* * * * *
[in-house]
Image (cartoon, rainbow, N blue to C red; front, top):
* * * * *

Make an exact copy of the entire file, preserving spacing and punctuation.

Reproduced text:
[in-house]
Image (cartoon, rainbow, N blue to C red; front, top):